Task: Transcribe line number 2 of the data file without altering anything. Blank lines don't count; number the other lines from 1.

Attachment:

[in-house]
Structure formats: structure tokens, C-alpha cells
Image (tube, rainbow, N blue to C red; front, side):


Structure formats: structure tokens, C-alpha cells